powermatic 719t tilt table mortiser

If you need dedicated workhorse mortiser to produce mortises day in and day out, one of the best units I’ll recommend is this Powermatic 719T.

The Powermatic 719T is a stationary cabinet style workhorse designed to help any professional woodworker cut mortises efficiently in the workshop.

It’s constructed with heavy cast iron for stability during operation and to ensure it stands the test of time.

The feed lever allows 6 quick position adjustments which makes it easier to make different types of angled cuts.

It comes equipped with a gas cylinder-controlled rack and pinion head raising and lowering mechanism which makes it very easy to operate.

The table and fence can be tilted from 0 to 35 degrees for even more complex applications.

Overall, the Powermatic 719T is definitely one of the best cabinet units we reviewed.

4. Makita 7104L 10.5 Amp chain mortiser

makita chain mortiser

If you need a chain mortiser to cut mortises in large dense lumber, the Makita 7104L is definitely one of the best ones you can bet your money on.

Equipped with a 10.5 Amp motor, it’s capable of producing a speed of 3,200 rpm and bore rectangular holes through thick and dense lumber easily.

With it, you can cut lap joints up to 5-1/8 inches in size. It comes with an adjustable vise which can attach to logs as large as 12-1/8 inches in thickness.

The razor sharp chains it comes with, capable of cutting at speeds of 1000 ft/min means you can make clean and accurate cuts with it all day without any trouble.

For a power tool with these features, the Makita 7104L weighs just 38.1 lbs which is very portable if you ask me.

Included in the kit is a cutter chain, a sharpening holder, a wrench to set it up and oil to get it running as smooth as possible.

5. Mafell LS 103Ec Chain Mortiser

using a mafell chain mortiser

Mafell prides their LS 103Ec chain mortiser as the fastest because it does not require it to be clamped to wood or timber before cuts can be made.

It saves time and helps you get more done because unlike the Makita, you don’t have to clamp it to the lumber you’re working on.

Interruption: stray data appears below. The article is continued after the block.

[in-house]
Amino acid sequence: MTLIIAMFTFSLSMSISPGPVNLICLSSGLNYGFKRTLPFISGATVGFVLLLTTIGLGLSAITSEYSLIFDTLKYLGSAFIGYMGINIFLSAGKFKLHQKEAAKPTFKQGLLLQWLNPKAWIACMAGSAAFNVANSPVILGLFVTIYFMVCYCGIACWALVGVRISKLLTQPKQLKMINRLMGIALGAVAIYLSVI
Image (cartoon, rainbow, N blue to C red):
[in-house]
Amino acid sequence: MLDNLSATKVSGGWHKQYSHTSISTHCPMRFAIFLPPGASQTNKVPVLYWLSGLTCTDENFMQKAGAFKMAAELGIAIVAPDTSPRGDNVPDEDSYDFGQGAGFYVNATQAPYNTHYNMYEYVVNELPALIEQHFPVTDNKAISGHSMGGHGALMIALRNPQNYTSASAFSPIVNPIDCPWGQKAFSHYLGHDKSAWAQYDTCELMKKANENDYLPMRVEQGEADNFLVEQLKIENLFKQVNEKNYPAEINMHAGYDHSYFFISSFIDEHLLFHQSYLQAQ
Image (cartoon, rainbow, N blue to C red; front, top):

The chain in the Mafell cuts in the crosscutting direction, so immediately you set it down and start cutting, it literally hugs the lumber and stays put until you finish cutting the slot.

It comes in 120V and 240V depending on what you want. The chain bar is also available in 1.5 inches and 2.0 inches as per your specs.

The chain is chrome-hardened and does not require lubrication before use. It has a max mortising depth of 5-7/8 inches which is quite large.

Talking about chain mortisers, Mafell invented the first one in 1926, and today their LS 103Ec is undoubtedly still one of the best ones you can get your hands on.

Note About Cutting Mortises and Tenons

cut mortise and tenon joints

Here’s a rule of tumb when cutting mortise and tenons. Always cut the mortise first and cut the tenon second.

This is because you’ll find it much easier to shape the tenon to fit into the mortise than to cut the tenon first and try to cut the mortise to accommodate the tenon.

You might end up cutting the mortise too large and ruin your work. So, always try to cut the mortise first before the tenon.

For cutting the tenons, you can use a tenoning jig like this Grizzly industrial tenoning jig below, or you can make your own tenoning jig as shown in the video below.

Related: The 5 Best Dovetail Jigs for Cutting Dovetail Joints

grizzly table saw tenoning jig

The Grizzly industrial H7583 tenoning jig will fit right into your table saw miter slot as long as it’s a T-shaped miter slot.

With it you can make accurate and repeatable tenons easily.

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  1. why the contradictory statements above?
    Here’s a rule of tumb when cutting mortise and tenon joints. Always cut the mortise first and cut the tenon second.

    This is because you’ll find it much easier to shape the tenon to fit into the mortise than to cut the tenon first and try to cut the mortise to accommodate the tenon.

    You might end up cutting the mortise too large and ruin your work. So, always try to cut the tenons first before the mortise.